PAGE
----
If passed as law, school officials would be required to individually evaluate every felony conviction and determine whether a suspension or hearing is necessary for each case.

Currently, school districts must appeal to the state board of education for every case of suspension based on criminal convictions.

The bill passed 98 to 6, but some questions have been raised about certain provisions included in the legislation. Michigan Education Association spokeswoman Margaret Trimer-Hartley said her organization is not behind the bill because, "We think there's quite a bit of work that needs to be done so that it doesn't unduly penalize a crime of civil disobedience." Martin Ackley, spokesman for state school superintendent Tom Watkins, said Watkins supports the concept of the bill. "We have staff working with the sponsor to craft a bill that works to protect the public while upholding the constitution," Ackley told the Detroit News.

Detroit News, "Bill would put teachers under more scrutiny," Feb. 18, 2004

WASHINGTON, D.C. — Increased concern over federal standards under the "No Child Left Behind" Act of 2002 led the Bush Administration last Thursday to relax requirements for the English portion of state assessment tests.

Under the new rules, English-language learners will be allowed leniency for one year, meaning their English test scores will be excluded from aggregate scores for that time. Twelve percent, or 5.5 million, of all U.S. K-12 students are eligible for the language leniency.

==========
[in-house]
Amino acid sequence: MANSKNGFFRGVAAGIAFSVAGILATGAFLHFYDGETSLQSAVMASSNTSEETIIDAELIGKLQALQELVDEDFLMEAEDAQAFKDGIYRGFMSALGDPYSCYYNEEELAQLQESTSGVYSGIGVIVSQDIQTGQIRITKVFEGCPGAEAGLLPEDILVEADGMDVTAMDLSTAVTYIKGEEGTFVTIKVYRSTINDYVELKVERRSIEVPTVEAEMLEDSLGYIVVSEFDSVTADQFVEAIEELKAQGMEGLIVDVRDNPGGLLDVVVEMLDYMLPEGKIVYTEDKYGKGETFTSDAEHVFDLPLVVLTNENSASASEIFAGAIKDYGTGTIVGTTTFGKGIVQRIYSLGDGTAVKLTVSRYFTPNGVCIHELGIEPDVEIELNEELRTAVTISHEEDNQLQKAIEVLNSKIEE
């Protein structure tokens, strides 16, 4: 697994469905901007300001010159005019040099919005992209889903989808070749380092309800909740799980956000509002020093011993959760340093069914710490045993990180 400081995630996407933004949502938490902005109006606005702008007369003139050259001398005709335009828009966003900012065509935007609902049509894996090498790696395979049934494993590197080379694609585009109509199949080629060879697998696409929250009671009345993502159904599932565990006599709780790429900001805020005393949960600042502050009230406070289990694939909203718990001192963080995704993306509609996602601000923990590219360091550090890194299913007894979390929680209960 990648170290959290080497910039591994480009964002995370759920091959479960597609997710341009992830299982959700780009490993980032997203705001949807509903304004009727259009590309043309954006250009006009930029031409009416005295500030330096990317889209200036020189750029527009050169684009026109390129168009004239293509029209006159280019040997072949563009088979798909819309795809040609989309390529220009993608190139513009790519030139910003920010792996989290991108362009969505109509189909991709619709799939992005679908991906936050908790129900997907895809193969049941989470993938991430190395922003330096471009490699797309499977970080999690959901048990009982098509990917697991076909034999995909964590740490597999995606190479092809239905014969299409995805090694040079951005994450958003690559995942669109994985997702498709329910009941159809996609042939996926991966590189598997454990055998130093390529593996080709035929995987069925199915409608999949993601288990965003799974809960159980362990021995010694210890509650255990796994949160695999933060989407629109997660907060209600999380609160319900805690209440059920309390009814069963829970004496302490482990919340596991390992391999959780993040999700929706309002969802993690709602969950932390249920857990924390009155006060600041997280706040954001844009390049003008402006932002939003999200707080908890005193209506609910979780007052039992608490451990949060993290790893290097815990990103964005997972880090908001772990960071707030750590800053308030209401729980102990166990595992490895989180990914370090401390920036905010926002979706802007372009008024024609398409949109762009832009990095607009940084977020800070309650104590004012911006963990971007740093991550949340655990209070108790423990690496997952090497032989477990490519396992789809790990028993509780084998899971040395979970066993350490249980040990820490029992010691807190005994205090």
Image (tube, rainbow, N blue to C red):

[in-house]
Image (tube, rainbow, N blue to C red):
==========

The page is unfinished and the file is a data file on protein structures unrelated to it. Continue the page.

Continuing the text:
The regulation change comes after several high-profile officials publicly decried the federal law, saying it is not feasible for schools to meet current expectations. At a news conference, Education Secretary Rod Paige announced several changes to the law, including the definition of a "highly qualified" teacher. "We want the law to make common sense," he said.

Washington Post, "'No Child' Tests for Schools Relaxed," Feb. 20, 2004

Michigan Education Report, "President signs 'No Child Left Behind Act,'" Winter 2002

Mackinac Center for Public Policy, "Will More Money Improve Student Performance?" June 1998

Mackinac Center for Public Policy, "More Spending Not the Solution to School Woes," December 1993

LANSING, Mich. — In her State of the State address last month, Gov. Jennifer Granholm proposed a plan to require volunteer service for all recipients of the Michigan Merit Award scholarship.

Granholm's plan would require that students eligible for the scholarship perform at least 40 hours of community service prior to graduation in order to receive the award, a $2,500 one-time grant given to high school graduates going to college. Currently, the scholarship is given based on satisfactory marks on the Michigan Educational Assessment Program (MEAP) tests. "Merit demands more than high test scores," Granholm said. "Merit demands high character as well."